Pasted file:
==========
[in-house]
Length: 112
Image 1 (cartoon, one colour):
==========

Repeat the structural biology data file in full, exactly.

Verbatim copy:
[in-house]
Length: 112
Image 1 (cartoon, one colour):